these ideas of words of power in a way beautifully described by a modern master of sound interviewed by Alexandra David-Neel in her book Tibetan Journey: ..beings and things are aggregates of atoms that dance, and by their movements produce sounds. When the rhythm of the dance changes, the sound it produces also changesEach atom perpetually sings its song, and the sound creates each moment dense or subtle forms. Just as there exist creative sounds, there exist destructive sounds. He who is able to produce both, can, at will, create or destroy.9 Legends of Tibetan yogis with unimaginable powers, or siddhis, over the physical realm are prominent in this cultures lore. These powers are thought to occur with proficiency in the knowledge of creative sound but the sabda, or the sound of the mantra is a spiritual sound, though it may be accompanied by a physical sound.10 Mantras are thought to have power when they are produced and heard by the heart, directing the power of the mental associations as crystallized vibrations. The Dalai Lama, of the Geluk tradition, concludes his analysis of the famous mantra Om Mani Padme Hum by stating: .. all beings naturally have the Buddha nature in their own continuum. We have within us the seed of purity, the essence of a One Gone Thus (Tathagatagarbha), that is to be transformed and fully developed into Buddhahood.11 Much like Zen/Chan Buddhism, the Vajrayana tradition emphasizes that the enlightened mind lies like a vajra, or diamond hidden in the cluster of human delusion: it is simply there waiting to be found.12 Vajrayana is the Diamond Vehicle
9 th

As quoted in: Govinda, Lama Anagarika, Foundations of Tibetan Buddhism, 4 ed. (Great Britain: Samuel Weiser, 1972), p. 26 10 th Govinda, Lama Anagarika, Foundations of Tibetan Buddhism, 4 ed. (Great Britain: Samuel Weiser, 1972), p. 27

His Holiness The Dalai Lama of Tibet, Lecture. (Kalmuck Mongolian Buddhist Center, New Jersey) Date Unknown

John Bowker, Beliefs That Changed the World: The History and Ideas of the Great Religions (London: Quercus Publishing, 2007), p. 158

which, like a thunderbolt, is meant to be a path of sudden, immediate access to the enlightened mind which is thought to already exist within. The Vajrachchedika, or Diamond-Cutter Sutra is placed in high emphasis in both Vajrayana and Zen traditions, and while Vajrayana and Zen Buddhism contain schools which seek gradual enlightenment, it is this notion of the already inherent pure perfect Buddha-mind just awaiting discovery that gives some Vajrayana and Zen schools the ideal of direct, spontaneous enlightenment as a primary goal.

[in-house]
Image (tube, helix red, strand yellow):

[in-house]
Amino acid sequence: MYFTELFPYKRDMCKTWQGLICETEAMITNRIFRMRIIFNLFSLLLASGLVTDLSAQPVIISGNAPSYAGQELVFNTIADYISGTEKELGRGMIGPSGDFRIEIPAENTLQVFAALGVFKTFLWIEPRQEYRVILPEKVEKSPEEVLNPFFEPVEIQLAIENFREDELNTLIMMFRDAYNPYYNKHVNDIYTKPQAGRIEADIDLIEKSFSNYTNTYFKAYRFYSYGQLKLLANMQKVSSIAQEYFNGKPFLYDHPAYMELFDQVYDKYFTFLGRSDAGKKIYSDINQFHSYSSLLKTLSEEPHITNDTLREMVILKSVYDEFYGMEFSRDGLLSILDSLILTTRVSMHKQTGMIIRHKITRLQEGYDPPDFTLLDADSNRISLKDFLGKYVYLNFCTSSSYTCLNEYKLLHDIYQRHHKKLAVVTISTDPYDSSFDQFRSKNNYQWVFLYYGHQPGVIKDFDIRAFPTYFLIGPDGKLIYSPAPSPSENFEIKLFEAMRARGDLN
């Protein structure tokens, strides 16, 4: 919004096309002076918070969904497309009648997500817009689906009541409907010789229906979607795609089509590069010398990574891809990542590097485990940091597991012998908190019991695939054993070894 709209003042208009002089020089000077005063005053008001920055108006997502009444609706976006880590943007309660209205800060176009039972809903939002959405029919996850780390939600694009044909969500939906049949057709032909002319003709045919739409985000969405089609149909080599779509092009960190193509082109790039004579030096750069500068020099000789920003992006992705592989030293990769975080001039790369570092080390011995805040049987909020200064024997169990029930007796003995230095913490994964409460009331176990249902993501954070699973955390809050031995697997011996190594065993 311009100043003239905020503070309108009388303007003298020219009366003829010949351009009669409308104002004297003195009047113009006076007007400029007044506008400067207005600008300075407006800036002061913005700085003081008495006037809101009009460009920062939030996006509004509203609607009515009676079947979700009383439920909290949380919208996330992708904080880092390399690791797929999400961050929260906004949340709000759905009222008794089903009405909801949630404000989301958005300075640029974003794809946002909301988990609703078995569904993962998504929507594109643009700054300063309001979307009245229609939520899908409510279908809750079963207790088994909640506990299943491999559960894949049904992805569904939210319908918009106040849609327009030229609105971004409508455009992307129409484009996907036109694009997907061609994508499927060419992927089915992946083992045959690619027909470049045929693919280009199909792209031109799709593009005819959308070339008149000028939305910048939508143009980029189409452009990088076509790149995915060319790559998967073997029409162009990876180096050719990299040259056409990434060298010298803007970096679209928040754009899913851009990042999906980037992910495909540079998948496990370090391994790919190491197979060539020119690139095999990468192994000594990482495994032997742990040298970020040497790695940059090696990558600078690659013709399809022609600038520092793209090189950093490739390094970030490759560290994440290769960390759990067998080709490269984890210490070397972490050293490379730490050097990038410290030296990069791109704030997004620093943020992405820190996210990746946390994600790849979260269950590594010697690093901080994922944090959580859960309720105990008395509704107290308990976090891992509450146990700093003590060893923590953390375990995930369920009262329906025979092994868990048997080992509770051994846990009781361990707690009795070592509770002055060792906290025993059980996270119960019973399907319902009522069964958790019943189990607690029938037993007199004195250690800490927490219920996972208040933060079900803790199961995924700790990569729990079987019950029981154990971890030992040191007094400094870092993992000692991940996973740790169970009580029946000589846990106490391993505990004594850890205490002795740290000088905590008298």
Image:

Though similar in goal and notions of inherent Buddha-nature, Vajrayana and

Zen take totally opposite approaches. Zen is practical and emphasizes minimalism and
simplicity. Vajrayana is fully decked out in colorful symbols, meant to awaken the truthbody (Vajradhara/Dharmakaya) into full awareness. Zen has a nature of self-reliance which de-emphasizes god-forms and scriptures. Vajrayana has myriads of celestial Buddha-forms, gods, goddesses, dakinis and demons as stations of internal awareness.

Zen emphasizes naturalness and ridding oneself of thought construction. Vajrayana is

concerned with a spiritual alchemy, finding the naturalness as something to be refined from the gross to the subtle, and is filled with complex and elaborate representations of various realms. Zen uses koan to emphasize the inadequacy of language, Vajrayana uses mantra to emphasize the nature of interconnectedness of selves without individuality. Conceivably, these divergent traditions can be thought of as two sides of the same coin, with opposing philosophies of language.

Perhaps the essential distinguishing feature of Vajrayana is this belief in the Buddha-nature inherent in all things, coupled with an intense focus on the Bodhisattva ideal to forego complete liberation from samsara in order to assist and attain liberation for all sentient beings from suffering (dukkha). This leads to an attitude of joyful participation in the pleasures and sorrows of the world of samsara, based on the belief that the ultimate goal is to achieve a sudden enlightenment and liberation from suffering for all sentient beings. This is the original Mahayana Bodhisattva ideal, coupled with the powerful, diamond-cutter mantric resonance of the Vajra the jewel (Mani ) of enlightened vajradhara consciousness.

Tantra can be thought of as the acceptance that samsara, and our physical
bodies, function as vehicles to this goal, and should be refined - not so much through asceticism as through enlightened participation in life. The Dharmakaya/Vajradhara is inherent and accessible. It can shine through, or enlighten our physical bodies and the sensory perceptions, and through sensory perception (vision, sound, touch, taste, smell) we can also send signals and symbols by the most essentially human means which awaken each other to the Buddha-nature within us all. This is the heart of

Vajrayana, the padme lotus which grows from muddy roots into a beautiful blooming
flower on Padmasambhavas lake of bliss. Wisdom and Compassion are two inseparable
currents, balanced in Unity in the Vajradhara. Vajrayana cannot philosophically accept that the end of nirvana is still stuck in belief that there are any one of us individual in identity to achieve nirvana. Its much bigger than that Atman becoming Brahman. Isnt that what Buddhism is all about? Isnt that why we are still here, smiling, laughing, crying, loving and trying not to hate?